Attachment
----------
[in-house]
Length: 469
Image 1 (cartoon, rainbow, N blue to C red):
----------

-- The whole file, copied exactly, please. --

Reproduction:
[in-house]
Length: 469
Image 1 (cartoon, rainbow, N blue to C red):